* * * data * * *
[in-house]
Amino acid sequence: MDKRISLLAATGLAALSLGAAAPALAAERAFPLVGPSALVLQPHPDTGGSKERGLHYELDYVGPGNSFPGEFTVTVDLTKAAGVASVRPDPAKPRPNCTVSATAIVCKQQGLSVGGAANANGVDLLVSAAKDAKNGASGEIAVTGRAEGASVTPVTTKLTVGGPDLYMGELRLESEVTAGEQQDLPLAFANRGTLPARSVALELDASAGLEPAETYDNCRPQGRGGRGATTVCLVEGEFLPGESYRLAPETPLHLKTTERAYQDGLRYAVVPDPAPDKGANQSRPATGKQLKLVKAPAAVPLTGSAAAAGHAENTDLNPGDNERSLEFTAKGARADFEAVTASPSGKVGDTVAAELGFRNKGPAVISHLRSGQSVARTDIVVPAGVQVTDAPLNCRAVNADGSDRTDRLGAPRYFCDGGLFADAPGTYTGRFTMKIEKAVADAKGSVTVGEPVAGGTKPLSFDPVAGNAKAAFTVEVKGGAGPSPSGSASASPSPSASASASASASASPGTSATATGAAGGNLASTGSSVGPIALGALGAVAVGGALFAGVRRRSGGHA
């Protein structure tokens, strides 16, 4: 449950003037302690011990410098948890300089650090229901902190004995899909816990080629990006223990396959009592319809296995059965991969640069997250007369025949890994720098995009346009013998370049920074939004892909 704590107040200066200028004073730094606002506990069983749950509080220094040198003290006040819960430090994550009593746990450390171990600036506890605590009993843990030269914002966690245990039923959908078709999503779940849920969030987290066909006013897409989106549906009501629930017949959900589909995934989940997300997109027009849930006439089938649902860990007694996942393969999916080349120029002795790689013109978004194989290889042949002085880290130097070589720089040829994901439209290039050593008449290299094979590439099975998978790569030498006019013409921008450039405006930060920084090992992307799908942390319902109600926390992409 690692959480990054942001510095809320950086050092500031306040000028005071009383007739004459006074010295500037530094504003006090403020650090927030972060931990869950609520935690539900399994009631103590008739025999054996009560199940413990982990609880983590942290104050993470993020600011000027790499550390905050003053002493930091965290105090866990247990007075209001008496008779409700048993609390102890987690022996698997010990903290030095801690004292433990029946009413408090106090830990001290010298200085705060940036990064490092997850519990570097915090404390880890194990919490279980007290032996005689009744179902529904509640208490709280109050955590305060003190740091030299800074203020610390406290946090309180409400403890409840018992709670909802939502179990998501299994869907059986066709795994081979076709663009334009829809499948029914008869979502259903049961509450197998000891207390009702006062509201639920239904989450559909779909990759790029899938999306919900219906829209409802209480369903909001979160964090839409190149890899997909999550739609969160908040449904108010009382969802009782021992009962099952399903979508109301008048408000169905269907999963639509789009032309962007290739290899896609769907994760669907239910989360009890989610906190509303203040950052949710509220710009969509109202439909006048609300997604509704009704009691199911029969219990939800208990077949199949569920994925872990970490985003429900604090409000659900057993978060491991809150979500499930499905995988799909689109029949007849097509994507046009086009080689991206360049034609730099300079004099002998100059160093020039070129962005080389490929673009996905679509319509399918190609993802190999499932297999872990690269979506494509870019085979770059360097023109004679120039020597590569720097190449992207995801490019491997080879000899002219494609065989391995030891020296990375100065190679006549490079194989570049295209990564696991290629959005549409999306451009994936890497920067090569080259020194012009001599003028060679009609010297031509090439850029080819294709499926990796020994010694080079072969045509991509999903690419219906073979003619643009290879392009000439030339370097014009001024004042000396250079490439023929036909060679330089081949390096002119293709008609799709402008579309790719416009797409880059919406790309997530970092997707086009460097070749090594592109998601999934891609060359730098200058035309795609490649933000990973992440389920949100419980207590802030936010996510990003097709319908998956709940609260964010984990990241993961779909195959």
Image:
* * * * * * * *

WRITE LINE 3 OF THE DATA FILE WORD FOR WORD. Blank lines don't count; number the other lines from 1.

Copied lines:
């Protein structure tokens, strides 16, 4: 449950003037302690011990410098948890300089650090229901902190004995899909816990080629990006223990396959009592319809296995059965991969640069997250007369025949890994720098995009346009013998370049920074939004892909 704590107040200066200028004073730094606002506990069983749950509080220094040198003290006040819960430090994550009593746990450390171990600036506890605590009993843990030269914002966690245990039923959908078709999503779940849920969030987290066909006013897409989106549906009501629930017949959900589909995934989940997300997109027009849930006439089938649902860990007694996942393969999916080349120029002795790689013109978004194989290889042949002085880290130097070589720089040829994901439209290039050593008449290299094979590439099975998978790569030498006019013409921008450039405006930060920084090992992307799908942390319902109600926390992409 690692959480990054942001510095809320950086050092500031306040000028005071009383007739004459006074010295500037530094504003006090403020650090927030972060931990869950609520935690539900399994009631103590008739025999054996009560199940413990982990609880983590942290104050993470993020600011000027790499550390905050003053002493930091965290105090866990247990007075209001008496008779409700048993609390102890987690022996698997010990903290030095801690004292433990029946009413408090106090830990001290010298200085705060940036990064490092997850519990570097915090404390880890194990919490279980007290032996005689009744179902529904509640208490709280109050955590305060003190740091030299800074203020610390406290946090309180409400403890409840018992709670909802939502179990998501299994869907059986066709795994081979076709663009334009829809499948029914008869979502259903049961509450197998000891207390009702006062509201639920239904989450559909779909990759790029899938999306919900219906829209409802209480369903909001979160964090839409190149890899997909999550739609969160908040449904108010009382969802009782021992009962099952399903979508109301008048408000169905269907999963639509789009032309962007290739290899896609769907994760669907239910989360009890989610906190509303203040950052949710509220710009969509109202439909006048609300997604509704009704009691199911029969219990939800208990077949199949569920994925872990970490985003429900604090409000659900057993978060491991809150979500499930499905995988799909689109029949007849097509994507046009086009080689991206360049034609730099300079004099002998100059160093020039070129962005080389490929673009996905679509319509399918190609993802190999499932297999872990690269979506494509870019085979770059360097023109004679120039020597590569720097190449992207995801490019491997080879000899002219494609065989391995030891020296990375100065190679006549490079194989570049295209990564696991290629959005549409999306451009994936890497920067090569080259020194012009001599003028060679009609010297031509090439850029080819294709499926990796020994010694080079072969045509991509999903690419219906073979003619643009290879392009000439030339370097014009001024004042000396250079490439023929036909060679330089081949390096002119293709008609799709402008579309790719416009797409880059919406790309997530970092997707086009460097070749090594592109998601999934891609060359730098200058035309795609490649933000990973992440389920949100419980207590802030936010996510990003097709319908998956709940609260964010984990990241993961779909195959």